Stop structuring classroom discussion via hand raising.
This admonition came from Dr. Kevin Feldman during a February presentation to a group of Nebraska educators. He suggested that discontinuing this practice is one of the first steps a teacher can take to increase student engagement. Many times, students who are already engaged in class discussions are the ones raising their hands to volunteer. Many of the other students do not engage with the discussion for a variety of reasons.
As you may recall from last week’s post, Dr. Feldman would like students to make a concrete response to instruction every 2 to 10 minutes. One reason to stop the practice of hand raising is to provide additional opportunities for ALL students to make concrete responses during classroom instruction.
Another reason to stop the practice of hand raising is to “increase the academic miles on the tongue for EVERY student EVERY day” (Feldman, 2009). The students who are raising their hands are getting many opportunities to use academic language, whereas the other students are receiving very few opportunities.
Academic language is “language used in the learning of academic subject matter in formal schooling context; aspects of language strongly associated with literacy and academic achievement, including specific academic terms or technical language, and speech registers related to each field of study” (TESOL, n.d.). In other words, academic language is the vocabulary of the content area.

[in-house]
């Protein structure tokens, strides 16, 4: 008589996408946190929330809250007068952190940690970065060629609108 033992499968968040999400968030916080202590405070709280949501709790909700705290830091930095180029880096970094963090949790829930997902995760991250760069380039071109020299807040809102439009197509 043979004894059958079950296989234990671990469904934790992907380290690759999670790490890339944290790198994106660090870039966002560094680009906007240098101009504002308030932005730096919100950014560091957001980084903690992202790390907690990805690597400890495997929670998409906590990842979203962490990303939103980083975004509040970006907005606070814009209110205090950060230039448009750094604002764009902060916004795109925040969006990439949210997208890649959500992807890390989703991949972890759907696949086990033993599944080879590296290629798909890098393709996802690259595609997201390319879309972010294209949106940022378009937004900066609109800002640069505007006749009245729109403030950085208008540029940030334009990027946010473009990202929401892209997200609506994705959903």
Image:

Components of academic language are:
- The content specific vocabulary (e.g. magma) and the high use academic terms (e.g. analyze, variable). The difficulty here is prioritizing. What are the key concepts students must have? What are the non-negotiables? State standards can help with these types of decisions.
- The syntax: the way words are arranged in order to form sentences or phrases
- Grammar: the rules according to which the words of a language change their form and are combined into sentences (Feldman, 2009).
What about the possibility of embarrassing students by calling on them for a response they aren’t capable of giving or prepared to give? “Virtually ALL diverse secondary classrooms are comprised of many students unequipped for academic discourse” (Feldman, 2009). We must always scaffold our instruction. A student doesn’t respond in front of the whole group until he or she has been supported to the point of being able to give a proper response.
My next post will share some of Dr. Feldman’s suggestions about scaffolding for academic discourse. Look for it later this week.
Comment on how you encourage “academic miles on the tongue” in your classroom.
Feldman, K. (2009). “Response to intervention and older struggling readers: Special education reform as part of meaningful school improvement.” Educational Service Units Professional Development Organization. Kearney, NE. 18 Feb. 2009.
TESOL (Teachers of English to Speakers of Other Languages, Inc). (n.d.) ESL standards for pre-k-12 students: Glossary. Retrieved March 15, 2009 from: http://www.tesol.org/s_tesol/sec_document.asp?CID=113&DID=317